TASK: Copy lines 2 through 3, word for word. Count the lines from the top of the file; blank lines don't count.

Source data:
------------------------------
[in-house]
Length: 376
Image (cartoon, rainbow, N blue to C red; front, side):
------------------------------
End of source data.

Length: 376
Image (cartoon, rainbow, N blue to C red; front, side):